Wednesday, February 6, 2019

Of Sparrows and Scissortails


Douglas (nicknamed “Keys” for his skill as a pianist) and Judith had a specific target list of “troublesome birds” that they wanted help with, so the original plan was to head to Santa Ana to try for the Beardless Tyrannulet and Olive Sparrow, in addition to some grassland sparrows out along the Pintail Lake Trail, but the misty weather and muddy trails precluded that idea (and thankfully they had already bagged the Olive Sparrow at Hugh Ramsey), so we headed straight to our planned second destination:  Brushline Road!  We ended up spending the whole day there, starting at the intersection of Brushline and FM 490, and this time we really didn’t even make it to the immediate turn before being inundated with birds!  A female Ladder-backed Woodpecker was right outside the car, and the trees had feeding flocks consisting of the usual Orange-crowned and Yellow-rumped Warblers, Ruby-crowned Kinglets, and Blue-gray Gnatcatchers!  Once we made the turn a flock of Savannah Sparrows played hard to get in the bushes.

Keys and Judith at the turnoff to Brushline Road

Female Ladder-backed Woodpecker

Pompous-looking Savannah Sparrow
Continuing north, there were lots of Red-tailed Hawks on the posts, but the real treat was tons of Sandhill Cranes, both in the fields and flying overhead!  At another stop a Least Flycatcher whitted and what initially looked like a flyover cormorant turned out to be a lone White-fronted Goose!  We got to teasing Judith as so many of the birds she was calling to our attention turned out to be Mourning Doves (MODOs), but when I called out a distant Kestrel I heard a “dang” from the back seat:  she thought that was what it was but was afraid to say anything for fear it was just another MODO!  J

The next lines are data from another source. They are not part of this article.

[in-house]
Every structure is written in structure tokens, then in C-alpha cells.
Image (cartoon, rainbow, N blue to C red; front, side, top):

Judith checks out the habitat next to the road.

Sandhill Cranes

Keys and Judith on Brushline

The big pond was rapidly drying up, but several Avocets were swishing about, and a flock of American Pipits came wheeling in and proceeded to bathe near the south edge!  Judith discovered a covey of Bobwhite making their way through the flowers that were just on the other side of the fence (too fast for the camera), and in the plowed fields we had fun trying to pick out the Lark and Savannah Sparrows as they went up and down the furrows!  But the stars of the show for my charges were two target raptors (although very distant): Caracara and White-tailed Hawk!  Just before SR 186 was the best sighting (so far as I was concerned): in with two Black Vultures was a big ol’ Wood Stork!  (Exciting only in that they’re supposed to be long gone by now…)


Loggerhead Shrike

"Proof shot" of the flyover Wood Stork

North of the highway a male Vermilion Flycatcher was very cooperative for pictures (he wasn’t even fazed by the big truck that went by), and we finally got a look at a calling Couch’s Kingbird.  Common Ground Doves were more numerous than I’ve ever seen them, as were Roadrunners – we must have had well over 20 during the course of the route, most being very cooperative!  Making the right turn on eastbound Brushline yielded lots of Pyrrhuloxias, more hawks (including Harris’), an uncooperative Black-throated Sparrow, and several lines of ducks flying overhead making an incredible wing noise!  Once we got up to the farm pond we logged several species (interestingly we were able to pick out Pintail and American Wigeon in the flyover flocks, but neither landed on the pond), along with grebes, Common Gallinule, and a growling Anhinga.  Comedy relief was provided by the rancher’s pet Emu that came by to say hello (quite literally, as he drummed deep in his chest)!  On the way out we had a fabulous look at a flyover White-tailed Hawk, and heading down to Ken Baker Keys got his wish: another covey of Bobwhite was right by the road, showing beautifully for pictures, mainly due to the fact that half the covey was still on the other side of the road, and what I assume was the “leader” was waiting until all his ladies made it safely across before diving into the brush himself!